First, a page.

Conversation Heart Cupcakes

My husband’s 30th birthday is coming up this weekend. I was reminiscing about past birthdays in anticipation of this one and I thought I would share what I did for him a few years ago.  There was a short period when I had to fill in and be the pastry department at work.  I was leaving the house at hours previously unknown to me and I was not going to see Patrick at all on his birthday.  I decided to make conversation heart cupcakes so that they could cheerfully greet him that morning in my absence.  These would, of course, be the perfect addition to any Valentine’s Day party or even as a treat in a loved one’s lunch box. It’s a creative and yummy way to say “I love You.”



1 box of Cake Mix, your favorite flavor (look, these cupcakes are somewhat labor intensive in the decorating department, there is no need to go overboard and make a cake from scratch unless you have several hours to kill).

Eggs, as specified on box of Cake Mix

Oil, as specified on box of Cake Mix

Water, as specified on box of Cake Mix


1/2 cup Butter, softened

4 cups Powdered Sugar

2 teaspoon Vanilla

4 tablespoons Milk

4 pack of Food Coloring


4 ounces White Chocolate Chips

Special Equipment:

Silicone Heart Shaped Cupcake “Pan” (such as one sold by Wilton at craft stores)

Obviously the place to start is by making the cake batter.  Follow the cupcake directions on the box and set the oven accordingly. Prior to pouring the batter into the hearts give the pan a quick coating of pan spray (yes it’s silicone, but you really don’t want it to stick).

While your cooked cupcakes are cooling (in the pan – they will fall apart if you remove them too early), go ahead and make your frosting.  Using either a hand held or stand mixer whip your butter until light and fluffy.  Add the powdered sugar in stages and go slowly (you don’t want to be wearing it).  Add the vanilla and then add the milk one tablespoon at a time until the consistency is creamy.  Divide the frosting into 5 bowls.  Using standard food coloring, make one bowl pink (red liquid food coloring never actually looks red), one yellow, one green, one orange (combine yellow and red), one purple (blue and red).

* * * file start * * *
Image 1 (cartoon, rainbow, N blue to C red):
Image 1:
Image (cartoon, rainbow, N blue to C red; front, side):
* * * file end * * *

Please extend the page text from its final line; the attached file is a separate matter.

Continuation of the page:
Carefully shave the crowned portion of each cupcake off so they are level with the top of the pan (this side will be the bottom of the finished cupcake so you want it to sit level).  Run a butter knife around the outside of each heart and invert the pan.  Your cupcakes should come out without much of a hassle.  If you have a mini offset spatula this is the perfect time to pull it out, if not grab your trusty butter knife.  Begin by frosting the sides and then the top of each cupcake, don’t go too thick with the frosting or the heart shape will get lost.  Try to get the top in particular as smooth as possible so your letters will stand out.

When all the cupcakes are frosted, heat about 2 inches of water in a small sauce pan and place a small glass bowl above the simmering water.  Melt your white chocolate chips.  Once they are smooth place them in either a piping bag or a simple zip top bag.  Make a very small cut at the tip so that you can create legible letters.  Write your messages (such as “Be Mine,” “Kiss Me,” “Cutie,” etc.) on each cupcake in block lettering.  Allow them to set for about 15 minutes and you are all set for a sweet and talkative treat.

Tips and Tricks:

If you are having trouble getting your white chocolate to melt (sometimes it is finicky, particularly if it has been sitting in your pantry for a while), add a little vegetable oil (one teaspoon at a time) until it has melted smoothly.  The lecithin in the oil helps the white chocolate relax.

To aid in your frosting adventures, try freezing the cupcakes for an hour or so first.  The cupcake will be a little easier to work with.

On that note, you could also make the cupcake portion of the recipe a few days in advance and keep the hearts frozen until you are ready to frost. There is a time limit on them though.  I wouldn’t store them in the freezer for more than a week or you’ll risk freezer burn.


About waltzinginthekitchen

I am a chef by trade, a procrastinator by habit, and creative by nature (or perhaps nurture, but that's a different blog). I am a very structured, organized person which is a great thing in my profession, but I don't like it when things go differently than planned (which is not such a great thing in my profession). This blog is about my life, my passions, and learning to just go with the flow and waltz in the kitchen. It's a continual process. View all posts by waltzinginthekitchen

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